I like the word naive courage. We need a bit of naivity to take the plunge. Sometimes, with mistaken belief, misfortune cannot touch us. But if we don’t take risk, would life be worth living?

    I think the writer shld win a grand prize of this biography of courage and fate. She gets under the skin of the subject makes her fearless. But by her own admission, she was far from that. This best exemplifies courage of the high order. Courage to act in spite of real and imaginary fears.

    How does one find courage amid misgivings? More often than not, we find individuals who choose to live for a higher cause, willing to forgo comfort, safety and pleasure to answer the call of duty.

    Dear Hi & Lo,

    Nazario won a lot of accolades for her quest in reporting this true story. And trust me, if you decide to read this book, please clear your schedule as it is rather impossible to put it down.

    I believe courage will knock on the doors of the brave – like Enrique. Good day my friend.

  10. Elviza,

    If you ever write a book in the future, you can be sure that I am definitely going to get my hands on it.

    Happy New Year and I am looking forward to read more book reviews from you.

    Dear Nana,

    You are too generous with compliments. Like I told Mat Bangkai, what could I possibly write about? Crappiest of the crap? Tee hee hehe … 🙂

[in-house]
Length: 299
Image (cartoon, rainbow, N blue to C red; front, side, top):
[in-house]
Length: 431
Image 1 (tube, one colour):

Happy New Year to you too my friend and I ll keep in mind about the book reviews.

  11. Happy New Year, Elviza.

    May God prosper thy & family’s way all the days of your life.

    Happy new year to you to my dear friend. I pray the same will be bestowed upon you and your family.

  12. Sis,

    I wish I could write a half-way decent book review. I did try, but yours is so much better-lah. But heck, I’ll try it anyway.. so watch my space soon. Anyway, Have a happy new year and hope this year’s a good year for us and for our friends and families too, ya?


    Everytime I put up a book review, I watch the comment section – in anticipation of your input. Why ah? Must be because you always make me feel like a million bucks! Heh!

    If you read article and books on how to write a book review; you will soon notice that mine does not follow the structure. At all. Main belasah jer…